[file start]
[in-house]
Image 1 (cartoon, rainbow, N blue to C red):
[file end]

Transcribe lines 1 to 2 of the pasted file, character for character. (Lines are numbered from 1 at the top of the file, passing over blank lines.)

[in-house]
Image 1 (cartoon, rainbow, N blue to C red):